Every river has a personality -- a story to tell -- and the Nile is no exception. Sail its waters on an unhurried river cruise, and you'll see ancient landscapes that have changed little since pharaohs ruled the land.
Boys bathe their donkeys in the river. Farmers till their land with hoes; burros and camels are this region's work horses. As a result, spying a tractor is a rare thing and is cause for conversation. Families still live along the shore in traditional mudbrick houses, just as they have done for 5,000 years.
Cigar boats, water scooters and modern pleasure crafts have no place on the slow-paced Nile. For that matter, there's not much in the way of commercial boating, except for occasional self-propelled barges and the traditional feluccas, sailing vessels, used today to ferry tourists around. What you will see are other river ships -- lots of them. More than 280 ships cruise the waters between Luxor and Aswan -- the site of the nation's best-preserved monuments -- and it can get crowded during the high season (between early September and late May). Cruising is also the easiest way for tourists to engage the Nile and the famous temples and tombs -- Luxor, Karnak, Kom Ombo, Edfu, Dendera and the Valley of the Queens and Valley of the Kings -- that straddle it.
A not-fun fact: Cruise ships are limited to touring Luxor and Aswan on the river, a result of security concerns that followed a terrorist attack at a temple near Luxor in 1997.
Until recently, visitors in private vehicles, driving between Luxor and Aswan, had to travel in an armed military convoy. As of December 1, 2008, the road opened to normal traffic between 6 a.m. and 6 p.m. The heavy security presence that remains part and parcel of the region is jarring at first, but it is a fact of life in modern-day Egypt. Perhaps not coincidentally, there have been no terrorist incidents along the Nile in more than a decade (although that cannot be said for the rest of the country).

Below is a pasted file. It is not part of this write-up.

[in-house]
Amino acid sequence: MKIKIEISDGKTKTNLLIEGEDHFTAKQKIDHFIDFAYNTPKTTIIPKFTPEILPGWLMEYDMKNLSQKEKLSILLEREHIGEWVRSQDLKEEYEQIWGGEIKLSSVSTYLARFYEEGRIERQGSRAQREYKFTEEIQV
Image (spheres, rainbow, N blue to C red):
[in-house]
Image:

There would be no Egypt without the Nile. Eighty million people live on four percent of the land -- a green belt, up to nine miles wide, that follows the longest river in the world. The Nile runs 4,184 miles in length and winds through nine nations, from Lake Victoria in Uganda to the Mediterranean Sea near Alexandria, Egypt.
Unlike most rivers, the Nile flows south to north. So, Upper Egypt, the site of Nile river cruises, is in the southern part of the country; Lower Egypt is in the north. It's upside down, but it's true.
It doesn't take more than a quick look to appreciate the value of the Nile. Against its banks lies the nation's breadbasket: fields of corn, alfalfa, wheat, sugar cane and sesame. That constant throb you hear, like a heartbeat, is the sound of irrigation pumps. Not surprisingly, agriculture is the region's second largest industry, after tourism. Move away from the Nile, and all that is left is desert.
Historically, the Nile has had three seasons: flooding, farming and harvesting. And, since the Aswan High Dam went online in 1971, the river depth has been regulated, depending on the needs of navigation and irrigation.
Today, Nile river cruises -- lasting three to seven nights -- are a component of most package tours to Egypt. Here are some tips:
Even as the Nile runs through the middle of Cairo, the city itself is not part of your cruise itinerary. But, many tour operators do build in pre- and/or post-cruise stays in the city. I recommend you take your cruise after your land tour of Cairo. The city can be fairly frenetic, so cruising after feels like a real treat.
Typically, Nile River vessels carry fewer than 140 passengers and pretty much all have the same layout: four decks, plus a sun deck with a pool. There are restaurants and lounges, and cabins are air-conditioned with TV's, mini-bars and floor-to-ceiling windows that open. Balconies are not always an option. What does vary is the quality of the ships. Some are shabby, some chic. Companies with more upscale offerings include Grand Circle Travel, Abercrombie & Kent, Movenpick, Sonesta Nile Cruises, Nile Exploration Corp. and Travcoa. If you're considering a splurge, check out The Oberoi Philae Nile Cruiser.
It can be crowded in port, particularly at the hugely popular destinations of Luxor and Aswan ("high" season is typically from October to April). It's common practice for ships to tie up together. So, if you're on an outer ship, you may have to walk through two, three, four or more vessels to embark and disembark. It's interesting to see what the other ships look like. The downside: If you're on the interior, there is no view, except a close-up of a neighboring ship.